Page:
Catching up with the hype21 August 2018

Since the phrase ‘Industry 4.0’ appeared at Hannover Fair in 2011, it has been on the lips of manufacturing managers and politicians – but is it now finally coming of age? Mark Venables investigates

The UK government’s sudden interest in and commitment to the manufacturing sector may have taken companies by surprise, but the investment is timely: manufacturing processes are being transformed at a speed unseen since the last industrial revolution. But with so much excitement surrounding Industry 4.0 – including its shopping basket of technologies, including data analytics, artificial intelligence (AI), machine learning, 3D printing, blockchain, virtual reality (VR) and augmented reality (AR) – are organisations at risk of becoming bogged down in strategising and conceptualising, rather than grasping the opportunity? A lack of knowledge, combined with often low digital confidence, is challenging innovation – especially given the potential step-change in operations required to embrace robotics and AI on the production line. It is, therefore, important to take a step back: put the AI robots to one side and understand what is achievable today.

Industry 4.0 is, essentially, all about digitisation. It is about leveraging connected technologies to streamline processes and achieve not only new levels of efficiency, but also new manufacturing models that transform the ‘idea to prototype to production’ cycle, which captures the ‘light bulb moment’ of genius.

Missed opportunities

Despite this drive, manufacturers are yet to use Industry 4.0 operating principles, such as interoperability, transparency and decentralisation, to get closer to customers, suppliers and distributors, according to a study by Oracle.

The survey of 700 business leaders from manufacturing companies across the UK, France, Germany, Netherlands, Switzerland, China and the UAE found just a third have used Industry 4.0 technologies to remove all data siloes from across the value chain, while 40% have an open exchange of data with suppliers and distributors. For decision-making processes, less than half have integrated customer data, while 45% have integrated supplier and distributor data.

Although most manufacturers worldwide have invested in Industry 4.0-led programmes, only 17% have transformed their business models as a result, with only a quarter of manufacturers gaining greater visibility into how customers purchase and use their products. Just over half, meanwhile, are using customer data to inform the design and manufacture of new products.

The research did show encouraging initial results from manufacturers that have created an internal digital thread within their own organisations, with 82% of those that had integrated data internally seeing a benefit from it.

“It’s good to see manufacturers reaping some rewards from Industry 4.0, but there’s clearly a long way to go before investments begin to have the transformative impact they promise,” says John Barcus, vice-president for manufacturing industries at Oracle. “Removing siloes internally is a good start, but that digital thread has yet to extend outside the organisation and throughout the value chain. Using interoperable and interconnected cloud-based systems is the easiest way manufacturers can securely integrate supplier and distributor data, and make better use of customer and sensor data to manage the impact of disruptive forces.”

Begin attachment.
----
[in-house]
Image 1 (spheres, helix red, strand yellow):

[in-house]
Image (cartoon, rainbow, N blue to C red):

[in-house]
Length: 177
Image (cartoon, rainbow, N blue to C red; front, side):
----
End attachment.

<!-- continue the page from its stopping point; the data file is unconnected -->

Promisingly for European manufacturers, the survey showed their Industry 4.0 gains are on a par with their Chinese counterparts, with the research showing similar results there as well. In fact, only 34% of Chinese manufacturers had integrated end user and customer data into their decision-making, which is lower than the global average (43%). However, 53% admitted it was an area needing improvement – again, against 43% globally.

In fact, when it came to next steps for Industry 4.0 implementations, manufacturers ranked customer-facing operations as the most crucial place for change in the next three years. Half said they would be focusing on removing data siloes and 47% acknowledged the need to create a more open exchange of data with suppliers distributors.

Slow adoption of AI

When it comes to AI, Nigel Thomas, head of aerospace and defence at Capgemini UK, believes that, as it matures, it’s likely to represent one the biggest technological shifts in business that has been seen.

“It is already being leveraged by organisations across various sectors to transform the way they do business, manage customer relationships and stimulate ideas. However, of all sectors including telecoms, retail, banking, utilities, insurance and automotive, the manufacturing industry is the slowest, in terms of adopting AI.”

According to Capgemini’s ‘Turning AI into Concrete Value’ report, only 20% of manufacturing companies have implemented AI at scale (telecoms was the highest at 49%).

“This isn’t too surprising, given many of these companies have large and very complex supply chains, and would need to link the data-driven technologies with sensors and IoT across the whole organisation, in order to reap the full benefits of AI,” Thomas adds. “Meanwhile, other industries have had significant drivers for adoption, including regulatory compliance requirements in financial services and consumer demand pressures in retail.”

However, the manufacturing industry is arguably a sector where there are the most use cases for the implementation of AI. “Leveraging these technologies can help a manufacturer measure asset performance, and accurately predict faults, manage risk and make forecasts that can significantly improve operations,” Thomas concludes. “Quick wins are achievable using manufacturing intelligence (MI – mainly statistics-based).In the mid-to-long term, the real challenge is ‘Deep AI’ – finding patterns in data where statistics are not enough.”

The rise and rise of Industry 4.0

While most agree that uptake has been patchy, there is no denying that momentum is building. Forbes suggests that smart factories with fully integrated IT systems that provide relevant data to both sides of the supply chain can increase production capacity by 20%. Manufacturers understand that AI can drive the automation to increase efficiency, reduce waste and accurately respond to customer demand. But, according to Tom Leeson, industry and value marketing strategist for manufacturing at OpenText, AI is only part of the equation.